Will kids affected by the digital divide be ready for next school year?
Monday, April 27, 2020
A poll of California parents conducted from March 26 to April 1 showed that a majority fear major educational setbacks for their children due to school closures. As 39 states confirm that schools will stay closed for the rest of the academic year and some begin to discuss closures extending into summer and fall, educators are grappling with how to sufficiently prepare students for next school year.
“We are bracing ourselves for an unprecedented, historic academic regression experienced by our most fragile population of students,” Alberto Carvalho, superintendent of Miami-Dade County Public Schools, told USA Today.
Learning remotely exacerbates the difficulty already faced by students who lack adequate shelter, regular meals, attentive parents, access to technology and familiarity with the language.
Most notably, the grand scale transition to online learning by schools across the country is spotlighting the massive gap in access and equity. Yet, educators, tech companies and advocates are pushing to close that gap as a first step in helping these students complete the school year.
Leaders advocate for equipment and connectivity coast to coast
According to 41% of parents responding to the above poll by Education Trust-West, not having enough devices like computers or tablets at home was considered a major barrier in feeling confident that their children would be able to participate in remote or distance learning.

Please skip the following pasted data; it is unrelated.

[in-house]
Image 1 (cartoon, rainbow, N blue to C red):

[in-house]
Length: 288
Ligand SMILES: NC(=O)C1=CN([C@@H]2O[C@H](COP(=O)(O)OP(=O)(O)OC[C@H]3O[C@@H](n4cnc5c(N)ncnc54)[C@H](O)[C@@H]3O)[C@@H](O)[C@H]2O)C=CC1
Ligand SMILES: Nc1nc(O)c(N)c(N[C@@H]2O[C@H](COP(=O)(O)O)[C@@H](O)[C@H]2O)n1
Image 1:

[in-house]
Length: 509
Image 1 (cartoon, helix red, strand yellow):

Educational leaders around the country have been proactive about closing the digital divide.
“This is really a humanitarian crisis,” says Beth Lambert, a state Department of Education coordinator of secondary education and integrated instruction in Maine, where an estimated 20% of the state’s 180,000 pre-K to grade 12 students don’t have functional internet at home. “We will never make progress around equity and closing the achievement gap if we can’t close the digital divide. And so my hope is that this is bringing that to light for people who are decision makers.”
Dr. Caprice Young is superintendent of the Learn4Life charter schools network that teaches 23,000 at-risk students in Ohio, Michigan and California, 85% of whom have no internet access at home. She is petitioning to hold the FCC accountable for free nationwide access to broadband internet.
“FCC requirements to support public access to telecommunications have long been part of U.S. policy,” she says. “In 2020, why isn’t internet free when we need it to educate our children? It’s time for the FCC to step in.”
Others are urging large corporations to close the gap like Fast Company senior writer Mark Wilson, who chides the wealthy companies that “form the digital foundation of learning in our schools” for not stepping up to the plate to provide for the estimated 10 million students in need of computers and internet access.
Addressing Google, Microsoft and Apple, Wilson writes, “As we face this pandemic, the three greatest American technology companies should be paying back their profits, not to stockholders on dividends, but to the consumers who stacked their profits in the first place.”